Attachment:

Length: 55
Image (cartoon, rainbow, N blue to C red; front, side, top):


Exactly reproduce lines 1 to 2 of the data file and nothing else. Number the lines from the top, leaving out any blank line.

Length: 55
Image (cartoon, rainbow, N blue to C red; front, side, top):